A young Chinese woman says she was recently abducted from a hotel in Dubai and forced to spend eight days in a detention facility along with two Uyghurs.
In an effort to avoid extradition back to China, 26-year-old Wu Huan was questioned and threatened over her fiancé who is allegedly a Chinese dissident.
Wu told The Associated Press that she was forced to sign paperwork stating that her fiancé harassed her. Following her release on June 8, Wu has sought refuge in the Netherlands.
The woman's story could be proof that China is operating a "black site" outside of its borders. That means China is using its power to control citizens, even if they are nonconformists or ethnic minorities such as the Uyghurs.
Uyghurs are mostly in China and many practice Islam. In recent years, China's communist regime has turned up the heat in its war against people of faith - specifically targeting Christians and Muslims.
Black sites are jails that house prisoners who aren't typically charged with a crime. They are denied bail and access to court.
Many of these sites in China are used for people who complained against the government and look like hotel rooms.
China's Foreign Ministry spokesperson Hua Chunying, rejected Wu's story, saying, "What I can tell you is that the situation the person talked about is not true."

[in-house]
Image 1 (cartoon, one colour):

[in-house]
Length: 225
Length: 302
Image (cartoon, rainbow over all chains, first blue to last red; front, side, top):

Dubai Police denounced Wu's allegation, adding that Chinese woman are not being held by local authorities and that Wu left the country three months ago.
"Dubai does not detain any foreign nationals without following internationally accepted procedures and local law enforcement processes, nor does it allow foreign governments to run any detention centers within its borders," according to a statement from the Dubai government media office.
"Dubai also follows all recognized global norms and procedures set by international organizations like Interpol in the detainment, interrogation, and transfer of fugitives sought by foreign governments," the statement continued.
Wu and her fiancé, 19-year-old Wang Jingyu, are not Uyghur. Authorities are pursuing his whereabouts over messages he posted that disputed Chinese media coverage of the Hong Kong protests in 2019.
Chinese authorities are increasing their measures against dissidents, activists, and Uyghurs, as part of a national anti-corruption campaign.